There is a certain guitar timbre that unmistakably evokes West Africa, its bright sound still characteristic of the DIY twang of the proto-guitars assembled from petrol drums and brake cables on the streets of Timbuktu and Gao. Songhoy’s guitarist Garba Touré – whose father was a percussionist in Ali Farka Touré’s band – summons the timeless tone from his acoustic guitar. Garba’s rippling riffs enter into dialogue with charismatic vocalist Aliou Touré, punctuating his vocal lines with short solos delivered in stuttering style.
Unexpected breaks and tempo changes enliven a blues template that can feel formulaic in its strictest western form. The band perform album track ‘Al Hassidi Terei’, which begins with a ‘Stairway to Heaven’ like arpeggio before igniting, like one of those well-worn moped engines, into a raucous gallop of a groove.
For the last three numbers Songhoy Blues rock out, kicking away their stools and summoning the audience to their feet. Nat Dembélé’s percussion playing and Oumar Touré’s bass then come into their own, their grooves bouncing across bar-lines to conduct the crowd’s convulsions. Amidst the celebratory atmosphere we recall Mali’s trauma, summed up by Aliou’s vocals on ‘Desert Melodie’; “Once upon a time Mali was a land of unity, now they want to divide us”. If there is a force that will help bring the country back together, it is up there on stage, as Songhoy Blues rock Sheffield.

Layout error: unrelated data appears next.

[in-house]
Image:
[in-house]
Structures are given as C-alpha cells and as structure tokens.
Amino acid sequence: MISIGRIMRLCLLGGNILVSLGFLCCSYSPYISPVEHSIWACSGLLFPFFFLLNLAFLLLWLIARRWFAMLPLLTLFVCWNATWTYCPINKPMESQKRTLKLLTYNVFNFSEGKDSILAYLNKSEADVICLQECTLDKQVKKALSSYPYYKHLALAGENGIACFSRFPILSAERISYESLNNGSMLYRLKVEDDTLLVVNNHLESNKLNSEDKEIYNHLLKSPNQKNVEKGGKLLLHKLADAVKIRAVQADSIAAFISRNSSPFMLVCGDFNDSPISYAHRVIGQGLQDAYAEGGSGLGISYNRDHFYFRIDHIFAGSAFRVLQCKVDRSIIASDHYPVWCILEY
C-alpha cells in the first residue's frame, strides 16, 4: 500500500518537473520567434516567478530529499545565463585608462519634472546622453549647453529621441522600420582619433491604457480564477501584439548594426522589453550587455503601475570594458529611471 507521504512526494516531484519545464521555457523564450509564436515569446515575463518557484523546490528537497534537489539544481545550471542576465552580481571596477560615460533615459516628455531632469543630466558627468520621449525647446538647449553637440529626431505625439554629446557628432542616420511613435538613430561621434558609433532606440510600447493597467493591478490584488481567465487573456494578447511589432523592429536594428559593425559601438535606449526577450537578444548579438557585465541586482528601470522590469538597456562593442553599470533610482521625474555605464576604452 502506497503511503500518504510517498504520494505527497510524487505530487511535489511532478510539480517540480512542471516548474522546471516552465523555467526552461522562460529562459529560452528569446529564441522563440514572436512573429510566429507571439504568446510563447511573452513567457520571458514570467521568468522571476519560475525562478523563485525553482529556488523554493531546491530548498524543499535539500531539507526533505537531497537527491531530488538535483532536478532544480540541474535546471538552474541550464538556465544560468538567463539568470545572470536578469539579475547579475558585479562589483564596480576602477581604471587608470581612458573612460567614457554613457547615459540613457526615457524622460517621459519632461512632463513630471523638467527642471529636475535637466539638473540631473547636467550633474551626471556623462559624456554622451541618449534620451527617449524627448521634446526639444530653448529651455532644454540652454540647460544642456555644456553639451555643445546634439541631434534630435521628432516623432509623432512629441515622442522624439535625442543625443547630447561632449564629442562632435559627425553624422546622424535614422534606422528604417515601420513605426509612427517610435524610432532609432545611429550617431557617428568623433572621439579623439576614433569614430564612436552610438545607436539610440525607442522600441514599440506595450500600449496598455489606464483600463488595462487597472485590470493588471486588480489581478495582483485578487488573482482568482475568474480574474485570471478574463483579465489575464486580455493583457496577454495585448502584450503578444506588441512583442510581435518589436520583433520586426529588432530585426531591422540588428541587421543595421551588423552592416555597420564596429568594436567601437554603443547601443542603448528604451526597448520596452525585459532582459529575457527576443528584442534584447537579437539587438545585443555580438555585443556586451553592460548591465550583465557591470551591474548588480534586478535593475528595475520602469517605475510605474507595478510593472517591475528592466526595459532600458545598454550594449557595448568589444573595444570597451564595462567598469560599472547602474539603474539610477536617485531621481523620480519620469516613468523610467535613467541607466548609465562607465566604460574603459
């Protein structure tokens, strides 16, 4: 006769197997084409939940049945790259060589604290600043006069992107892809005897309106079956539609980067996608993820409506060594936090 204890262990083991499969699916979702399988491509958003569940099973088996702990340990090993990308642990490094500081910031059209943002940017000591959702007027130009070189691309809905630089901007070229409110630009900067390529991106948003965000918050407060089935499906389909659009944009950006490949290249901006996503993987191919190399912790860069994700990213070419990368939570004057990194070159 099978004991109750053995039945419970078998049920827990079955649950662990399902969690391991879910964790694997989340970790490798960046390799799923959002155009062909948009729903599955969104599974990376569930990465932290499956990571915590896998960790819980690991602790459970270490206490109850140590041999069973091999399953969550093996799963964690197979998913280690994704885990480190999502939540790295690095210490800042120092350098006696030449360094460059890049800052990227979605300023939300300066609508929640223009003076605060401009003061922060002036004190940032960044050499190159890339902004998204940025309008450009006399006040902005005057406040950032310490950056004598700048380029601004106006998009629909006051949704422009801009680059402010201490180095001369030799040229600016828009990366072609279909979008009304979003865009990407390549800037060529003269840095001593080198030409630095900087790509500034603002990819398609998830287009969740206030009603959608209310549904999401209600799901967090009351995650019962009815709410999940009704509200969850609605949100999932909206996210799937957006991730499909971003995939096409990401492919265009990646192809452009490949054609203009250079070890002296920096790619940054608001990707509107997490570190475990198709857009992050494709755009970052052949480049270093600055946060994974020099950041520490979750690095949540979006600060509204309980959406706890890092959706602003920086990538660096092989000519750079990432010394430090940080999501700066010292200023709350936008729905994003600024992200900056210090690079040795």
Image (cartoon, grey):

And next, from Nicky Crewe, writing on
Sometimes a gig is far more than entertainment. I was aware of a film about the plight of music and musicians from Mali through social media. ‘They Will have To Kill Us First’ is a documentary made by director Johanna Schwartz, released in 2015. The idea of showing the film alongside a live performance and interview with one of the bands featured, Songhoy Blues, is genius.